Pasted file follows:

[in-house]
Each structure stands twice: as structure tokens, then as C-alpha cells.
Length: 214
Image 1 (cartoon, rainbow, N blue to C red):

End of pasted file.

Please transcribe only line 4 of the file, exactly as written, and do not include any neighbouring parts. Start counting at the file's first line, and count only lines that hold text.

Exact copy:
Image 1 (cartoon, rainbow, N blue to C red):